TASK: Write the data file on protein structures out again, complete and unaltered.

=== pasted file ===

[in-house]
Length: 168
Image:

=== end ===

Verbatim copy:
[in-house]
Length: 168
Image: